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Immature-like molecular expression patterns in the hippocampus of a mouse model of dementia with Lewy body-linked mutant β-synuclein

Molecular Brain201811:38

https://doi.org/10.1186/s13041-018-0378-3

  • Received: 1 May 2018
  • Accepted: 15 June 2018
  • Published:

Abstract

Aim

Maturation abnormalities of the brain cells have been suggested in several neuropsychiatric disorders, including schizophrenia, bipolar disorder, autism spectrum disorders, and epilepsy. In this study, we examined the expression patterns of neuronal maturation markers in the brain of a mouse model of dementia with Lewy body-linked mutant β-synuclein (βS), especially in the hippocampus, to explore whether such brain abnormalities occur in neurodegenerative disorders as well.

Methods

Quantitative PCR (qPCR) and immunohistochemical analyses were performed using the hippocampus of 14-month-old P123H βS transgenic (Tg) mice to evaluate the expression of molecular markers for maturation of dentate granule cells.

Results

Based on qPCR results, expression of Tdo2 and Dsp (markers of mature granule cells) was decreased and that of Drd1a (a marker of immature granule cells) was increased in the hippocampus of P123H βS Tg mice compared to that in wild-type controls. Immunohistochemical analysis revealed decreased expression of mature granule cell markers Calb1 and Gria1, along with increased expression of the microglial marker Iba1, in the hippocampal dentate gyrus region of P123H βS Tg mice. P123H βS Tg mice exhibited immature-like neuronal molecular expression patterns and microgliosis in the hippocampus. Pseudo-immaturity of dentate granule cells, associated with neuroinflammation, may be a shared endophenotype in the brains of at least a subgroup of patients with neuropsychiatric disorders and neurodegenerative diseases.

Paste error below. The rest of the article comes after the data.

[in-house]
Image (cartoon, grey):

Keywords

  • β-Synuclein
  • Endophenotype
  • Hippocampus
  • Immature dentate gyrus
  • Neurodegenerative disorders

Main text